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Butterfly Conservation- Glasgow & South West Scotland Branch

Small Copper (Lycaena phlaeas)

Description

The Small Copper is one of our most beautiful small butterflies (wingspan 26-36 mm). The females are larger with less pointed forewings, but in general both sexes are similar in appearance, with black-spotted fiery copper forewings and black hindwings trimmed with a blaze of orange. The hindwings may occasionally have a row of metallic blue spots (form caeruleopunctata). The hind underwings are silvery-beige with black spots, while the underside of the forewing is a paler version of the upper surface. The Small Copper is an active little butterfly that spends a lot of time basking in the sunshine.

On rare occasions, individuals with silver/pale blue forewings in which the orange colouration is completely absent may be found - sub species alba - and one was seen at North Connel, Argyll in 2006.

Credit: Scott Shanks
Credit: Jim Black
Credit: Jim Black

Life Cycle

The Small Copper has two broods per year in South West Scotland. The adults emerge from mid May and quickly set off forming territories and finding mates. Males are very territorial and will aggressively chase any other butterfly that comes into their domain. If a female flies past, the male will follow and settle next to her with wings vibrating which marks the onset of courtship. The white flattened golf ball-like eggs are laid singly on Common Sorrel (Rumex acetosa), Sheepís Sorrel (Rumex acetosella) or Broad-leaved Dock (Rumex obtusifolius). The first brood of green purple-striped caterpillars feed rapidly on the underside of the food plant, forming small window-like patches on the leaf, before forming a pale brown pupa in the leaf litter on a silken pad. Itís thought that the chrysalis may be attractive to ants, but surprisingly little is known about this stage of development in the wild.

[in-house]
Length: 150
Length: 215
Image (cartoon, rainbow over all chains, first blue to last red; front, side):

The second generation emerges in August and is generally larger than the first and the caterpillars from this generation go into hibernation in the leaf litter before awakening to feed again in spring.

Flight Times

In South West Scotland the Small Copper can be seen on the wing from mid May to early October, with two distinct peaks between late May and mid June, and again with larger numbers in the later broods between early August and mid September.

Habitat & Distribution in SW Scotland

Distribution map 2010

The Small Copper can be found in a wide range of habitats including meadows, rough pasture, railway embankments, urban wasteland, along the edges of streams and rivers, woodland rides, conifer plantations, sea cliffs, sand-dunes, roadsides and gardens.

Therefore the Small Copper is widely distributed in South West Scotland, frequenting habitat with sparse vegetation and bare patches in full sunshine where it can bask. It does seem to require warmer micro-climates to survive in Scotland with few being recorded in NW Scotland. It can frequently be found at sandy coastal habitats or in urban locations, where it will bask on stony paths or on bare waste ground. The adults have a preference for nectaring at small flowered composites such as ragworts or daisies. Gardens with many daisy-like flowers can attract Small Coppers to visit. The abundance of the Small Copper can be quite variable with many more seen during hot dry summers, and populations crashing in cold wet years. Grassy banks with rabbits and nearby patches of sorrel or sheepís sorrel are good places to look for this fiery little gem.

The Small Copper was more abundant in the early 20th century as were other species and has undoubtedly been adversely affected by the destruction of semi-natural grassland - it is scarce or absent in parts of eastern England for example where arable farming is dominant. It is also the case that in cooler duller summers, colonies in shadier locations such as woodland rides may die out and be recolonised in warmer summers from stronger colonies in sunnier and warmer locations.

References

  • Futter, K., Sutcliffe, R., Welham, D., Welham, A., Rostron, A., MacKay, J., Gregory, N., McCleary, J., Tait, T., Black, J. & Kirkland, P. 2006. Butterflies of South West Scotland. Argyll Publishing. (see Atlas page)
  • Asher, J., Warren, M, Fox, R., Harding, P., Jeffcoate, G., Jeffcoate, S. 2001. The Millennium Atlas of Butterflies in Britain & Ireland. Oxford University Press.
  • Fox, R., Asher, J., Brereton, T., Roy, D., Warren, M. 2006. The State of Butterflies in Britain and Ireland. Pisces Publications.
  • South, R. 1921. The Butterflies of the British Isles. Frederick Warne Ltd, London.
  • Tomlinson, D. & Still, R. 2002. Britainís Butterflies. WILDGuides
  • Thomson, G. 1982. The Butterflies of Scotland. Croom Helm London.

Written by Scott Shanks & Andrew Masterman


 
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